5. The registrant’s other certifying officer and I have disclosed, based on our most recent evaluation of internal control over financial reporting, to the registrant’s auditors and the audit committee of the registrant’s board of directors (or persons performing the equivalent functions):

 

 

a)

All significant deficiencies and material weaknesses in the design or operation of internal control over financial reporting which are reasonably likely to adversely affect the registrant’s ability to record, process, summarize and report financial information; and

 

 

 

 

b)

Any fraud, whether or not material, that involves management or other employees who have a significant role in the registrant’s internal control over financial reporting.

 

Date: October 31, 2017

  

  

  

By:

  

/s/ John A. Way

  

  

  

  

  

  

John A. Way

  

  

  

  

  

  

Chief Financial Officer

  

  

  

  

  

  

(Principal Financial Officer)

 

EX-32.1 4 ex_96752.htm EXHIBIT 32.1 ex_96752.htm

 

Exhibit 32.1

  

CERTIFICATION OF CHIEF EXECUTIVE OFFICER AND CHIEF FINANCIAL OFFICER

PURSUANT TO

18 U.S.C. SECTION 1350,

AS ADOPTED PURSUANT TO

SECTION 906 OF THE SARBANES-OXLEY ACT OF 2002

 

I, Victoria M. Holt, certify, pursuant to 18 U.S.C. Section 1350, as adopted pursuant to Section 906 of the Sarbanes-Oxley Act of 2002, that the Quarterly Report of Proto Labs, Inc. on Form 10-Q for the fiscal quarter ended September 30, 2017 fully complies with the requirements of Section 13(a) or 15(d) of the Securities Exchange Act of 1934 and that information contained in such Quarterly Report on Form 10-Q fairly presents in all material respects the financial condition and results of operations of Proto Labs, Inc.

 

Date: October 31, 2017

 

By:

/s/ Victoria M. Holt

 

 

Name:

Victoria M. Holt

 

 

Title:

President and Chief Executive Officer

 

 

I, John A. Way, certify, pursuant to 18 U.S.C. Section 1350, as adopted pursuant to Section 906 of the Sarbanes-Oxley Act of 2002, that the Quarterly Report of Proto Labs, Inc. on Form 10-Q for the fiscal quarter ended September 30, 2017 fully complies with the requirements of Section 13(a) or 15(d) of the Securities Exchange Act of 1934 and that information contained in such Quarterly Report on Form 10-Q fairly presents in all material respects the financial condition and results of operations of Proto Labs, Inc.

 

Date: October 31, 2017

 

By:

/s/ John A. Way

 

 

Name:

John A. Way

 

 

Title:

Chief Financial Officer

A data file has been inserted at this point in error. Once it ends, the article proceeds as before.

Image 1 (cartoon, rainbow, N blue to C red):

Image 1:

EX-101.INS 5 prlb-20170930.xml XBRL INSTANCE DOCUMENT false --12-31 Q3 2017 2017-09-30 10-Q 0001443669 26645826 Yes Large Accelerated Filer Proto Labs Inc No Yes prlb <div style="display: inline; font-family: times new roman; font-size: 10pt"><div style=" margin: 0pt 7.5pt; text-align: left; font-family: Times New Roman, Times, serif; font-size: 10pt;"><div style="display: inline; font-weight: bold;">Note <div style="display: inline; font-style: italic; font-weight: inherit; font-style: normal;">6</div> <div style="display: inline; font-family: Times New Roman, Times, serif; font-size: 10pt;">&#x2013; Marketable Securities</div></div></div> <div style=" margin: 0pt 7.5pt; text-align: left; font-family: Times New Roman, Times, serif; font-size: 10pt;">&nbsp;</div> <div style=" margin: 0pt 7.5pt; text-align: left; font-family: Times New Roman, Times, serif; font-size: 10pt;">The Company invests in short-term and long-term agency, municipal, corporate and other debt securities. The securities are categorized as held-to-maturity and are recorded at amortized cost. Categorization as held-to-maturity is based on the Company<div style="display: inline; font-family: Times New Roman, Times, serif; font-size: 10pt;">&#x2019;s ability and intent to hold these securities to maturity. Information regarding the Company&#x2019;s short-term and long-term marketable securities as of <div style="display: inline; font-style: italic; font-weight: inherit; font-style: normal;"> September 30, 2017 </div>and <div style="display: inline; font-style: italic; font-weight: inherit; font-style: normal;"> December 31, 2016 </div>is as follows:</div></div> <div style=" margin: 0pt 22.5pt; text-align: left; font-family: Times New Roman, Times, serif; font-size: 10pt;">&nbsp;</div> <hr style="margin: 3pt 0px; border: currentColor; border-image: none; width: 100%; height: 1px; color: rgb(0, 0, 0); background-color: rgb(0, 0, 0);" /> <div style=" margin: 0pt 22.5pt; text-align: left; font-family: Times New Roman, Times, serif; font-size: 10pt;">&nbsp;</div> <div> <table border="0" cellpadding="0" cellspacing="0" style="; text-indent: 0px; font-family: &quot;Times New Roman&quot;, Times, serif; font-size: 10pt; min-width: 700px;"> <tr style="vertical-align: bottom;"> <td style="font-family: &quot;Times New Roman&quot;, Times, serif; font-size: 10pt;">&nbsp;</td> <td style="font-family: &quot;Times New Roman&quot;, Times, serif; font-size: 10pt;">&nbsp;</td> <td style="font-family: &quot;Times New Roman&quot;, Times, serif; font-size: 10pt;">&nbsp;</td> <td style="font-family: &quot;Times New Roman&quot;, Times, serif; font-size: 10pt;">&nbsp;</td> <td colspan="14" style="text-align: center; font-family: &quot;Times New Roman&quot;, Times, serif; font-size: 10pt; margin-left: 0pt; border-bottom-color: rgb(0, 0, 0); border-bottom-width: thin; border-bottom-style: solid;"> <div style=" margin: 0pt; text-align: center; font-family: Times New Roman, Times, serif; font-size: 10pt;"><div style="display: inline; font-weight: bold;"><div style="display: inline; font-weight: bold;">September 30, 2017</div></div></div> </td> <td style="font-family: &quot;Times New Roman&quot;, Times, serif; font-size: 10pt;">&nbsp;</td> </tr> <tr style="vertical-align: bottom;"> <td colspan="2" style="font-family: &quot;Times New Roman&quot;, Times, serif; font-size: 10pt;"> <div style=" font-family: &quot;Times New Roman&quot;, Times, serif; font-size: 10pt; margin-top: 0pt; margin-bottom: 0pt;">(in thousands)</div> </td> <td style="font-family: &quot;Times New Roman&quot;, Times, serif; font-size: 10pt;">&nbsp;</td> <td style="font-family: &quot;Times New Roman&quot;, Times, serif; font-size: 10pt;">&nbsp;</td> <td colspan="2" style="text-align: center; font-family: &quot;Times New Roman&quot;, Times, serif; font-size: 10pt; margin-left: 0pt; border-bottom-color: rgb(0, 0, 0); border-bottom-width: 1px; border-bottom-style: solid;"> <div style=" margin: 0pt; text-align: center; font-family: Times New Roman, Times, serif; font-size: 10pt;"><div style="display: inline; font-weight: bold;"><div style="display: inline; font-weight: bold;">Cost</div></div></div> </td> <td style="padding-bottom: 1px; font-family: &quot;Times New Roman&quot;, Times, serif; font-size: 10pt;">&nbsp;</td> <td style="font-family: &quot;Times New Roman&quot;, Times, serif; font-size: 10pt;">&nbsp;</td> <td colspan="2" style="text-align: center; font-family: &quot;Times New Roman&quot;, Times, serif; font-size: 10pt; margin-left: 0pt; border-bottom-color: rgb(0, 0, 0); border-bottom-width: 1px; border-bottom-style: solid;"> <div style=" margin: 0pt; text-align: center; font-family: Times New Roman, Times, serif; font-size: 10pt;"><div style="display: inline; font-weight: bold;"><div style="display: inline; font-weight: bold;">Unrealized </div></div></div> <div style=" margin: 0pt; text-align: center; font-family: Times New Roman, Times, serif; font-size: 10pt;"><div style="display: inline; font-weight: bold;"><div style="display: inline; font-weight: bold;">Gains</div></div></div> </td> <td style="padding-bottom: 1px; font-family: &quot;Times New Roman&quot;, Times, serif; font-size: 10pt;">&nbsp;</td> <td style="font-family: &quot;Times New Roman&quot;, Times, serif; font-size: 10pt;">&nbsp;</td> <td colspan="2" style="text-align: center; font-family: &quot;Times New Roman&quot;, Times, serif; font-size: 10pt; margin-left: 0pt; border-bottom-color: rgb(0, 0, 0); border-bottom-width: 1px; border-bottom-style: solid;"> <div style=" margin: 0pt; text-align: center; font-family: Times New Roman, Times, serif; font-size: 10pt;"><div style="display: inline; font-weight: bold;"><div style="display: inline; font-weight: bold;">Unrealized</div></div></div> <div style=" margin: 0pt; text-align: center; font-family: Times New Roman, Times, serif; font-size: 10pt;"><div style="display: inline; font-weight: bold;"><div style="display: inline; font-weight: bold;">Losses</div></div></div> </td> <td style="padding-bottom: 1px; font-family: &quot;Times New Roman&quot;, Times, serif; font-size: 10pt;">&nbsp;</td> <td style="font-family: &quot;Times New Roman&quot;, Times, serif; font-size: 10pt;">&nbsp;</td> <td colspan="2" style="text-align: center; font-family: &quot;Times New Roman&quot;, Times, serif; font-size: 10pt; margin-left: 0pt; border-bottom-color: rgb(0, 0, 0); border-bottom-width: 1px; border-bottom-style: solid;"> <div style=" margin: 0pt; text-align: center; font-family: Times New Roman, Times, serif; font-size: 10pt;"><div style="display: inline; font-weight: bold;"><div style="display: inline; font-weight: bold;">Fair Value</div></div></div> </td> <td style="padding-bottom: 1px; font-family: &quot;Times New Roman&quot;, Times, serif; font-size: 10pt;">&nbsp;</td> </tr> <tr style="vertical-align: bottom; background-color: rgb(204, 238, 255);"> <td colspan="3" style="font-family: &quot;Times New Roman&quot;, Times, serif; font-size: 10pt;"> <div style=" font-family: &quot;Times New Roman&quot;, Times, serif; font-size: 10pt; margin-top: 0pt; margin-bottom: 0pt;">U.S. municipal securities</div> </td> <td style="width: 1%; font-family: &quot;Times New Roman&quot;, Times, serif; font-size: 10pt;">&nbsp;</td> <td style="width: 1%; font-family: &quot;Times New Roman&quot;, Times, serif; font-size: 10pt; margin-left: 0pt;">$</td> <td style="width: 9%; text-align: right; font-family: &quot;Times New Roman&quot;, Times, serif; font-size: 10pt; margin-left: 0pt;"><div style="display: inline; font-style: italic; font-weight: inherit; font-style: normal;">35,388</div></td> <td nowrap="nowrap" style="width: 1%; font-family: &quot;Times New Roman&quot;, Times, serif; font-size: 10pt; margin-left: 0pt;">&nbsp;</td> <td style="width: 1%; font-family: &quot;Times New Roman&quot;, Times, serif; font-size: 10pt;">&nbsp;</td> <td style="width: 1%; font-family: &quot;Times New Roman&quot;, Times, serif; font-size: 10pt; margin-left: 0pt;">$</td> <td style="width: 9%; text-align: right; font-family: &quot;Times New Roman&quot;, Times, serif; font-size: 10pt; margin-left: 0pt;"><div style="display: inline; font-style: italic; font-weight: inherit; font-style: normal;">23</div></td> <td nowrap="nowrap" style="width: 1%; font-family: &quot;Times New Roman&quot;, Times, serif; font-size: 10pt; margin-left: 0pt;">&nbsp;</td> <td style="width: 1%; font-family: &quot;Times New Roman&quot;, Times, serif; font-size: 10pt;">&nbsp;</td> <td style="width: 1%; font-family: &quot;Times New Roman&quot;, Times, serif; font-size: 10pt; margin-left: 0pt;">$</td> <td style="width: 9%; text-align: right; font-family: &quot;Times New Roman&quot;, Times, serif; font-size: 10pt; margin-left: 0pt;"><div style="display: inline; font-style: italic; font-weight: inherit; font-style: normal;">(43</div></td> <td nowrap="nowrap" style="width: 1%; font-family: &quot;Times New Roman&quot;, Times, serif; font-size: 10pt; margin-left: 0pt;">)<